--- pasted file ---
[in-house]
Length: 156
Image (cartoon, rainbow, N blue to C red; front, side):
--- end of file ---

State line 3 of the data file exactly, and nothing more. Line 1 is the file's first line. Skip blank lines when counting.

Image (cartoon, rainbow, N blue to C red; front, side):